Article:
Kalash is offline Kalash  United States
diyAudio Member
Join Date: Aug 2006
Thanks for the suggestion!

Except... it says specifically that amp4 requires good soldering skills (mine are.... alright..... I did manage to solder a Hipgear Screen from a controller to an xbox motherboard... and had it working for a while... the case fell apart on me though and broke the ribon cable going to the screen <_<)

I don't know if I'm up for soldering a bunch of surface mount stuff.

What about amp 5 though?
2X60 watts at 8 ohms should be plenty, shouldn't it?

What kind of power input does it require?

* Transformer with mains fuse and power switch

What is that? Transformer - something about twisting metal into a coil... What if you have a DC power source? Is this still necessary? What voltage input is required?

* Enclosure with connectors for speakers and line input if required

I'll come up with something...

* Heat sink. For many applications, screwing the components to a metal enclosure is sufficient as a heat sink. However, for high power applications like bridged mono 8 ohms or high power 4 ohms, a heat sink is recommended.

Seems easly enough...

* Mounting screws

Not hard...
* Volume control or pot if required

Umm... how necessary is this? There will be an mp3 player or CD player hooked up to the amp - volume control is on the player... is a seperate volume control necessary?

The other thing about these kits...
What all DOES need done with them?
I understand the surface mount ones are VERY involved...

The hole mount ones... if I understand it right... you poke a piece of the... whatever you're trying to attach... through a hole in the PCB, then solder the bottom of the board to hold the component in place.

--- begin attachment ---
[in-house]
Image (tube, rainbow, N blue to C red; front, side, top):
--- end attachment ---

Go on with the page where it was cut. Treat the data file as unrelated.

Is that right?

With casing - for the input and output terminals... are those included in the kit? If not - what kind of connectors are necessary to hook them to the board?

I'm tired - can't think right... but those are all the questions my slacking mind can come up with.
Thanks again for the suggestions though
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Old 16th August 2006, 07:56 PM   #4
Kalash is offline Kalash  United States
diyAudio Member
Join Date: Aug 2006

I'll answer one of those questions - the amp5 requires 3 psu's...

So... portability and power consumption issues arise...

How hard is it to solder surface mount pieces?
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Old 17th August 2006, 02:47 AM   #5
Bearman is offline Bearman  United States
diyAudio Member
Join Date: Apr 2005
Location: Utah
It's not too bad with some good equipment. Most important is a pair of head magnifying glasses. Also a good soldering iron. An adjustable temp type soldering station works well with a fine tip, and some flux and a pair of tweezers.

If your hands are not very steady.....well forget all of the above. It takes some good steady placement and just a small drop of solder and that's it. Some people prefer SMT parts and signal wise, it makes for closer parts.

You can email me offline if you don't think you can do the above. I think it's fun and challenging.
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Old 17th August 2006, 03:18 AM   #6
Bearman is offline Bearman  United States
diyAudio Member
Join Date: Apr 2005
Location: Utah
The AMP5 has it's own onboard 5v and by omitting the bridge rectifier, it can be done with two car batteries. By hooking up two together in series, you can get a V- G V+

The AMP5 consumes a bit of watts though and I don't know how long your battery life would be. It might be worth a try though.
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Old 17th August 2006, 05:12 AM   #7
Kalash is offline Kalash  United States
diyAudio Member
Join Date: Aug 2006
You lost me at Bridge Rectifier...

And... I understand series...


(spaces don't hold for some reason... ignore the __ in the middle...)

I'm thinking it may be a bit beyond me...
I'd love to give it a shot, but I've never had any luck with soldering irons...

I've had 5 different ones... Gas and electric... and I've never had them perform like they should...

When I was soldering to the motherboard of the xbox I got solder all over the pins - they were a good size... - and had to pull it off and start over.
I even gave up on parts (soldering a wire to two pins that were about 3mm apart) and just used a solder connection between the pins.

While it worked, it was far from pretty... and anything smaller... heh... forget it.

It won't let me email you though.
You can write to me at aklash(shift+2)gmail.com
Thanks again.